Thailand Q1 GDP grows slowest in over 4 years at 2.8 % y/y amid global slowdown
BANGKOK, NNA – Thailand’s economic growth decelerated to the slowest pace in more than four years in the January-March quarter with exports hit by the global slowdown caused by the U.S.-China trade dispute and business investment cautious due to domestic political uncertainty.
GDP slowed to 2.8 percent year-on-year from 3.6 percent (revised down from 3.7 percent) in the last three months of 2018. It was weaker than the 3.0 percent median forecast by economists polled by Reuters and the slowest growth since the fourth quarter of 2014, when GDP was up 2.4 percent.
The Office of the National Economic and Social Development Council released preliminary gross domestic product data for the first quarter on Tuesday.
―― On a seasonally adjusted basis, Thailand’s GDP grew a real 1.0 percent in January-March from the previous quarter, the fastest pace since the 1.1 percent growth in the second quarter of 2018. However, it was below the median forecast of 1.4 percent.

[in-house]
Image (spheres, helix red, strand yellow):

―― Exports, the backbone of the economy, were the main damper, falling 3.6 percent y/y in Q1 after rising 2.3 percent in Q4 last year and a total of 7.2 percent in 2018. Imports dipped 2.9 percent after increases of 7.5 percent in Q4 and 14.3 percent last year.
―― The drivers of the modest GDP growth were domestic. Private consumption rose 4.6 percent y/y compared with 5.4 percent in Q4, with government spending up 3.3 percent from 1.4 percent, and combined private and public investment up 3.2 percent, a decline from 4.2 percent in the previous quarter.
―― HSBC economists projected Thailand’s GDP to grow 3.5 percent this year after expanding 4.1 percent last year. Q1 weakness was “broad-based, with slower private consumption and fixed investment growth in addition to a contraction in net exports,” they said, adding that only government spending showed a healthy gain.
―― The government trimmed its annual GDP growth forecast from a range of 3.5 to 4.5 percent to a range of 3.3 to 3.8 percent. It also lowered its export outlook from 4.1 to 2.2 percent.
―― Thosaporn Sirisumphand, secretary general of the Office of the National Economic and Social Development Council, told news media that he believes the economy will pick up in the second half of the year once a new government is formed following the March 24 general election.
―― Downside risks are mainly external: the U.S.-China trade row and Britain’s exit from the European Union. Domestic political uncertainty remains as no single party has won a majority in the 500-seat House of Representatives. The pro-military party Palang Pracha Rath is expected to form the government.